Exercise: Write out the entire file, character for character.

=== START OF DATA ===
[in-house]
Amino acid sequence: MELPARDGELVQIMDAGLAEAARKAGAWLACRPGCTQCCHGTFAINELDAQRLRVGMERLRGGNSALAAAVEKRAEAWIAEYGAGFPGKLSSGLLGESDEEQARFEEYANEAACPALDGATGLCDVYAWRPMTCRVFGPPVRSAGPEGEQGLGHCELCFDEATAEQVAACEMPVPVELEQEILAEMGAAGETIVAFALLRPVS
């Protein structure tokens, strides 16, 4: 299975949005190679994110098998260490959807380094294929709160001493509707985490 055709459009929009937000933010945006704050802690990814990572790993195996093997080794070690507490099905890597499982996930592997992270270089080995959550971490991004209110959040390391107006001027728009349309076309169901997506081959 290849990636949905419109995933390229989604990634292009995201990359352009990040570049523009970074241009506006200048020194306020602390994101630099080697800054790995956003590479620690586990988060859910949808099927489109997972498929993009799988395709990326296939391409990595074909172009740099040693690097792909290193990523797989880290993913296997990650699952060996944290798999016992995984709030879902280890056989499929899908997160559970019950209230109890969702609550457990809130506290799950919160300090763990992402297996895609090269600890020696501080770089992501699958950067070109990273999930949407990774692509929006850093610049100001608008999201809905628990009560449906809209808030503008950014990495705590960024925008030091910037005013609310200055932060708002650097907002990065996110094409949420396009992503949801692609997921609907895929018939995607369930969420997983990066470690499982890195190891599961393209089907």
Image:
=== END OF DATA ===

[in-house]
Amino acid sequence: MELPARDGELVQIMDAGLAEAARKAGAWLACRPGCTQCCHGTFAINELDAQRLRVGMERLRGGNSALAAAVEKRAEAWIAEYGAGFPGKLSSGLLGESDEEQARFEEYANEAACPALDGATGLCDVYAWRPMTCRVFGPPVRSAGPEGEQGLGHCELCFDEATAEQVAACEMPVPVELEQEILAEMGAAGETIVAFALLRPVS
């Protein structure tokens, strides 16, 4: 299975949005190679994110098998260490959807380094294929709160001493509707985490 055709459009929009937000933010945006704050802690990814990572790993195996093997080794070690507490099905890597499982996930592997992270270089080995959550971490991004209110959040390391107006001027728009349309076309169901997506081959 290849990636949905419109995933390229989604990634292009995201990359352009990040570049523009970074241009506006200048020194306020602390994101630099080697800054790995956003590479620690586990988060859910949808099927489109997972498929993009799988395709990326296939391409990595074909172009740099040693690097792909290193990523797989880290993913296997990650699952060996944290798999016992995984709030879902280890056989499929899908997160559970019950209230109890969702609550457990809130506290799950919160300090763990992402297996895609090269600890020696501080770089992501699958950067070109990273999930949407990774692509929006850093610049100001608008999201809905628990009560449906809209808030503008950014990495705590960024925008030091910037005013609310200055932060708002650097907002990065996110094409949420396009992503949801692609997921609907895929018939995607369930969420997983990066470690499982890195190891599961393209089907």
Image: